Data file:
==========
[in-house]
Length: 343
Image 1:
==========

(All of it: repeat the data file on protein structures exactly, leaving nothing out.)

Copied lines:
[in-house]
Length: 343
Image 1: